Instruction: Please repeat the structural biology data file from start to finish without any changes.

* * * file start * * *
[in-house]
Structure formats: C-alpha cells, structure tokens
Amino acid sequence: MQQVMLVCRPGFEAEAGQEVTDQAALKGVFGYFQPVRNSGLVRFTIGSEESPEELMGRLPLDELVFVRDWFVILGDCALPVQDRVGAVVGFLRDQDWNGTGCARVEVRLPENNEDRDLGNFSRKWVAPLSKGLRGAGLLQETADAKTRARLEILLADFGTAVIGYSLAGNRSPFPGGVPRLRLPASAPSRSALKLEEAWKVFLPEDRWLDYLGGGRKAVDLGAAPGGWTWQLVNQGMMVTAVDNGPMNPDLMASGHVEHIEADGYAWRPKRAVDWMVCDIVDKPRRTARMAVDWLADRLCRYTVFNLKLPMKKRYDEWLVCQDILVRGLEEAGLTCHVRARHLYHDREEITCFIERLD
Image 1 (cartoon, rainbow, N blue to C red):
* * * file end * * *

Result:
[in-house]
Structure formats: C-alpha cells, structure tokens
Amino acid sequence: MQQVMLVCRPGFEAEAGQEVTDQAALKGVFGYFQPVRNSGLVRFTIGSEESPEELMGRLPLDELVFVRDWFVILGDCALPVQDRVGAVVGFLRDQDWNGTGCARVEVRLPENNEDRDLGNFSRKWVAPLSKGLRGAGLLQETADAKTRARLEILLADFGTAVIGYSLAGNRSPFPGGVPRLRLPASAPSRSALKLEEAWKVFLPEDRWLDYLGGGRKAVDLGAAPGGWTWQLVNQGMMVTAVDNGPMNPDLMASGHVEHIEADGYAWRPKRAVDWMVCDIVDKPRRTARMAVDWLADRLCRYTVFNLKLPMKKRYDEWLVCQDILVRGLEEAGLTCHVRARHLYHDREEITCFIERLD
Image 1 (cartoon, rainbow, N blue to C red):